Asterisk sounds directory


I have configured asterisk but i could not understand the audio files it supports like gsm which is not playing in any player.

i have sounds installed at /usr/share/asterisk/sounds directory all of them are *.gsm . I have added few sounds at /usr/share/asterisk/sounds/tts and given path in extensions.conf as shown below

exten => 1000,n,Background(/var/lib/asterisk/sounds/tts/demo.mp3)
exten => 1000,n,Playback(digits/1)

the background shows as message as CLI that " file not found" , how to give a custom path of sounds… does asterisk supports mp3?

the playback with digit is playing a sound of digit , i could not understand from where does it looking for the sounds in playing digits sound

Any help is much appreciated

gsm is supported by sox, the standard command line player for LInux! It is also supported by Windows Media Player, but only if wrapped up as as wav file (Asterisk wav49 or WAV). sox considers slin and slin16 as raw, but can play them, if you provide the right parameters. They have to be wrapped as wav for Media Player, but both are very standard when that is done.

Although there is support for exernal MP3 feeds, for music on hold, MP3 so far exceeds telephone sound quality (which is optimised for speech only) that it is not sensible to use it for static sound files or recording calls. For patent reasons, mp3 needs to be handled by an external program or pre-converted.

Most people should have their sound files in slin (or wav - 16 bit, linear, 8kHz, mono), together with any low bit rate codecs that they actually use (e.g. g.729, and gsm). The latter because converting these from other formats is expensive in CPU time.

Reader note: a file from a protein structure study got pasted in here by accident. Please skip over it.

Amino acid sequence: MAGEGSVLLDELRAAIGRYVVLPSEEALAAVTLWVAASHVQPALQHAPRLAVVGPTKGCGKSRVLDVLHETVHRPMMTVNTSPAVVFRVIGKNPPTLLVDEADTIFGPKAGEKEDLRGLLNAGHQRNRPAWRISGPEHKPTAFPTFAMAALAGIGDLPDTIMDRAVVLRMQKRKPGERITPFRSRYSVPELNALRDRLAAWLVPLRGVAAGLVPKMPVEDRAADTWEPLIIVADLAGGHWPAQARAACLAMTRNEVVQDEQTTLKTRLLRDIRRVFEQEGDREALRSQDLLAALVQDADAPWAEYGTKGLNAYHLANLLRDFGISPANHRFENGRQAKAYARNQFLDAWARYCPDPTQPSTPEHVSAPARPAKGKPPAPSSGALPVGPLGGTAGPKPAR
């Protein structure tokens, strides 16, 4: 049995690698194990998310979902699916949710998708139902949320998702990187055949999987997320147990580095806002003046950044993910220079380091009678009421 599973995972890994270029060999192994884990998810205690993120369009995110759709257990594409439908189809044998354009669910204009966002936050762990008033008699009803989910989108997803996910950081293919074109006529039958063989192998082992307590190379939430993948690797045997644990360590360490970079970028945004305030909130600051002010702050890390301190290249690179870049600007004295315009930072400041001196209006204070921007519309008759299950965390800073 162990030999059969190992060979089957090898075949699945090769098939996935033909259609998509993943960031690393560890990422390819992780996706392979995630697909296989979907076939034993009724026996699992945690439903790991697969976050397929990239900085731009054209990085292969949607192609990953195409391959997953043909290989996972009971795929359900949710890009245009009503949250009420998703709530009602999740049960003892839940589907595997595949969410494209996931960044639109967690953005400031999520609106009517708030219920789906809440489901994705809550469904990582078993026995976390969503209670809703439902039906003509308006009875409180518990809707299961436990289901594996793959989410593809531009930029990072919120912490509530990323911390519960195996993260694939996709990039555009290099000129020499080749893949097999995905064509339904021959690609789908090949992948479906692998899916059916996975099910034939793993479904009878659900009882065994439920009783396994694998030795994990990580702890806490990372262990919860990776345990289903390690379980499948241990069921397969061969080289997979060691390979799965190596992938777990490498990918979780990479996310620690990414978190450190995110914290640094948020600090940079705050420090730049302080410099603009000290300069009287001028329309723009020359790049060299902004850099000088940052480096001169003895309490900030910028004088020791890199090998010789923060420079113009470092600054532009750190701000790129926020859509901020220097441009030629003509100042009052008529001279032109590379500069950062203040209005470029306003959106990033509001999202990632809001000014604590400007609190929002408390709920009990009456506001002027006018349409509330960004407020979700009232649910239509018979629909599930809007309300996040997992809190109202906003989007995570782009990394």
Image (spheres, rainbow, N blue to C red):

au is also supported by SOX and has in built support in the kernel sound card drivers. However, as it is G.711 mu-law with minimal headers, and linear to mu-law is a low cost conversion, it is probably not worth storing in that format.

NB The extension should never be given in commands like Playback; Asterisk selects the extension so as to minimise the cost of converting the file to a codec in use by the call.

Knowing which codecs are available for use is a rather important part of configuring a VoIP system.

You stated you added sounds in /usr/share/asterisk/sounds/tts, yet in the Background() call, you reference /var/lib/asterisk/sounds/tts/demo. If you specify the absolute pathname (starts with a /), then Asterisk will always look in the specified directory. As David55 said, never put the file extension on the command, Aserisk will search for the best file to play of all available files.

By default, Asterisk will look for sound files in /var/lib/asterisk/sounds//. If you call for a sound file with a relative pathname (does not start with a /), Asterisk will look in it’s default directory. In the case of your example Playback(digits/1), Asterisk found a the under /var/lib/asterisk/sounds//digits/ and probably played 1.gsm.

If you are adding your own sounds, you could create a sub-directory under /var/lib/asterisk/sounds/ or another common practice would be to create a sounds directory under a different directory structures, perhaps /usr/local/asterisk/sounds/yourapp. Then within the dialplan, you can make a call like…

exten => 1000,n,Playback(/usr/local/asterisk/sounds/yourapp/welcome)


Thanks alot David and Dalenoll

I will try this way and let you know

thanks a bunch !!!